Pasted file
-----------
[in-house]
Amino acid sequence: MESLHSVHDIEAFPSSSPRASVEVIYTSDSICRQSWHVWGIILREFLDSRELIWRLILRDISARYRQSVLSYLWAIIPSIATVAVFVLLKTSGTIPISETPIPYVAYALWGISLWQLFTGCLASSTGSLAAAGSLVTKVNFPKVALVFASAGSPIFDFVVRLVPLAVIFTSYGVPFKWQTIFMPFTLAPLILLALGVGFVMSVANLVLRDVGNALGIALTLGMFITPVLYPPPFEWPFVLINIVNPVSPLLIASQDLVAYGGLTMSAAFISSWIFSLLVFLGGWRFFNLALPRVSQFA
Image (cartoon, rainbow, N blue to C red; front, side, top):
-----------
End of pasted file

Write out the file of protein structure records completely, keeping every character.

[in-house]
Amino acid sequence: MESLHSVHDIEAFPSSSPRASVEVIYTSDSICRQSWHVWGIILREFLDSRELIWRLILRDISARYRQSVLSYLWAIIPSIATVAVFVLLKTSGTIPISETPIPYVAYALWGISLWQLFTGCLASSTGSLAAAGSLVTKVNFPKVALVFASAGSPIFDFVVRLVPLAVIFTSYGVPFKWQTIFMPFTLAPLILLALGVGFVMSVANLVLRDVGNALGIALTLGMFITPVLYPPPFEWPFVLINIVNPVSPLLIASQDLVAYGGLTMSAAFISSWIFSLLVFLGGWRFFNLALPRVSQFA
Image (cartoon, rainbow, N blue to C red; front, side, top):